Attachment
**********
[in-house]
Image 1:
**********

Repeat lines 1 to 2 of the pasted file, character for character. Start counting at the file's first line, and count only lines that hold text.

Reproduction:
[in-house]
Image 1: